First, a story. #

Let me start with an incident in my research work that I will never forget.

As a team consisting of Derick Wood (Hamilton, Canada), Arto Salomaa (Turku, Finland) and myself (then Karlsruhe, Germany) we started to extend some of Ginsburg's work on "Grammar Forms" to the theory of L-Systems. Our first major paper in this area was on "EOL Forms" (journal publication 17 in my list of publications). It was a seminal paper, and I guess all three of us are still proud of it. It was accepted for publication without delay by Acta Informatica. We started to work on further results, and paper no.2 and no.3 were also immediately accepted for publications as seemingly opening a new, if not very large area in formal languages.

I was visiting Arto Salomaa at Turku to work on paper no.4. However, our progress that time was zero, and our discussions were frustrating. Whenever I had an idea, Arto would show me a counter example, and conversely. After many hours we suddenly stared at an example we had on the blackboard: it was a counter example of Lemma 1 in our very first "EOL Forms" paper!

We rushed to open the paper to look at the proof of Lemma 1. It said: "Trivial". Thus, although Lemma 1 seemed obvious, it just was not correct!

Imaginge our dismay: already three accepted paper, all built on Lemma 1, and that Lemma turns out to be wrong!

I will not forget what Arto said: "I think it is time for a long sitting in the sauna". (Sauna is "supposed to open the vains in your brain" for better thinking). After two hours or so in sauna things started to clarify: Lemma 1 was indeed wrong. But a weaker version, and enough for all theorems based on it, was correct.

We were lucky to be able to change the Lemma before the first papers were printed, so all was ok, no: more than ok. The fact that the original "obvious" Lemma did no hold showed that we were working in a completely new game; and the significant impact of L-forms and derivatives is only due to this fact!

Second, this story, if not true, is a good invention#

At some stage my good friend G. Rozenberg was visiting Graz again, and my institute had moved to a new location (2000). So he stopped a park-space officer and showed him a piece of paper with my address. As it happened, he had written on the back of the piece of paper:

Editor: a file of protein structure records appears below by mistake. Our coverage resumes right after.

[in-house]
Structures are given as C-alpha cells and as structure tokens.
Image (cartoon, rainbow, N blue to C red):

The officer said: "Sir, this is an inherently ambiguous context-free language; but what do you want?" From that day onward Rozenberg sometimes mentioned that all police officers in Graz have to learn formal language theory.

(The story, if it really happened and is is not just a flattering invention of Rozenberg could have a simple explanation: to supervise parking in restricted zones of the city auxiliary personell is hired, including students on a part time basis. So the above answer would be plausible, if indeed the person asked was one of our Informatics students who earned a bit of money as part-time parking officer).

Third, to be serious for a change, the part of my career that I am most proud of#

I have given lectures to around 35.000 students, supervised over 500 M.Sc. thesis and supervised or co-supervised some 50 Ph.D.s or "Habilitationen": many have become extremely successful. Here is a partial list. Stars indicate that they have become professors themselves (26 in all) at some stage, but many of the ones without stars have positions in companies (or founded their own) with a success I can only admire.

*M.T. Afzal
W. Ainhirn
* J. Albert
*K. Andrews
R. Angstmann
*F. Aurenhammer
*J. Azuma
R. Bihl
Th. Dietinger
*H. Edelsbrunner
*W.D. Fellner
*V. García Barrios
*Ch. Gütl
*V. Haase
*J. Hasebrook
J. Hagauer
*D. Helic
G. Holweg
*A. Holzinger
F. Huber
*F. Kappe
J. Kolbitsch
*H.P. Kriegel
H. Krottmaier
*J. Koegel (Buford)
*N. Kulathuramaiyer
*J. Lennon
G. Lepp
*R. Mehmood
*Th. Ottmann
*M. Pivec
*R. Posch
L. Reinsperger
H. Rollett
P. Sammer
*N. Scherbakov
*G. Schlageter
K. Schmaranz
A. Schneider
J. Shearer
*H.W. Six
P. Srinivasan
J. Stögerer
R. Stubenrauch
*K. Tochtermann
*L. Wegner
*E. Welzl
D. Yin

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